Now that I have your attention, let me tell you what the latest study actually states. As you may have noticed, research over the past few years has begun to reveal that acetaminophen (the primary ingredient in Tylenol) is not as safe as once thought.
Creating Child-Friendly Clinics with ABT
The Zurich Dojo was scattered with toy ducks, dolls, trains, exercise balls and teddy bears during my recent pediatric workshop.
Risk Factors for Heel Problems
Heel pain and gait disability are common occurrences in adults, often the result of thinning heel pads and a lifetime of exposure to heel-strike shock. One condition experienced by many people is plantar fasciitis.
Are You Guilty of Paternalism in Your Approach to Patient Care?
Einstein is purported to have said, "When a man sits with a pretty girl for an hour, it seems like a minute. But let him sit on a hot stove for a minute and it's longer than any hour. That's relativity." In some way, everything is relative to one's point of view.
November, 2010, Vol. 10, Issue 11
Hospice Massage: Ethical Considerations
By Ann Catlin, LMT, NCTMB, OTR
As a massage therapist, like other health care professionals, you are expected to adopt and uphold standards of practice that serve as "guiding principles" in scope of practice, client relationships, clinical decisions, and business practices.If you choose to work in hospice you enter a complex field of service that exposes you to ethical issues and dilemmas unique to end-of-life care. Of course, the standards of practice for massage therapy apply, but you will also need to be familiar with the ethical principles and guidelines found in hospice care to have a foundation from which to act. Some principles act as guidelines but many are highly individual, steeped in your own personal moral compass, providing a touchstone in situations where you search for the "right thing to do".
As massage therapy takes its rightful place in hospice care it is possible, if not likely, that you will be exposed to some ethical dilemmas of modern-day health care. Medical treatments and technology have changed the way we die in our culture. For many patients, their families as well as the professional caregiver, the experience becomes laden with conflict and moral choice.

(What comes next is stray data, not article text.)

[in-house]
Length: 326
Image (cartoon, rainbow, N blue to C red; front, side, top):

Dr. Richard Fife,3 an ethicist, states: "In hospice care, staff members are constantly faced with the possibilities and realities of ethical dilemmas." He reports findings from a two-year study of ethical dilemmas faced by hospice staff. Some of the most common issues included:
Granted, as a massage therapist, you may not directly be involved in resolving these issues. But it's possible that you may be exposed to them. By anticipating these issues you will be more prepared and resilient when they do come up.
I will compare one area of standards of practice--the roles and boundaries as put forth by the National Certification Board for Therapeutic Massage & Bodywork6 and related ethical principle from the National Hospice and Palliative Care Organization (NHPCO)2 and how they impact day-to-day activities of providing massage services in hospice care.
Roles, Boundaries & Principle
Roles and boundaries: Adhere to ethical boundaries and perform the professional roles designed to protect both the client and the practitioner, and safeguard the therapeutic value of the relationship.
Related principle: Provide patients and their families with the highest possible level of quality end-of-life care and services, while maintaining professional boundaries that respect their rights and privacy.
Considerations for the massage therapist:
Case example: I know of a massage therapist, "Kim", who was working as an independent contractor for a local hospice organization. She was asked by the hospice nurse to see a woman with advanced Parkinson's disease. The massage therapist saw the patient for weekly sessions. I learned that Kim had, in addition, been hired by the family as a personal care attendant and was essentially "on-call" to run errands, drive the patient to doctor's appointments and stay with her in the home when the family needed to be away. Kim complained to me that the hospice had let her go because they saw her actions as inappropriate. She also complained that the family was calling on her more and more and hadn't paid her in some time. She stated that she couldn't bring herself to discontinue her service because the patient "needs me so much".
Reflection question: What is the ethical dilemma here? What would have been an appropriate course of action for Kim?
Anyone who chooses to serve those in hospice care recognizes that it is a privilege to do this profound work. Caring for the dying through the medium of touch can be an experience that forever alters your worldview of death and dying. You will be forced to examine your thoughts, feelings and behavior in this profoundly personal, yet professional work. By accepting the responsibility to explore the personal nature and impact of end-of-life care you will be more equipped to uphold the highest ethical standards of your professional role.
Click here for more information about Ann Catlin, LMT, NCTMB, OTR.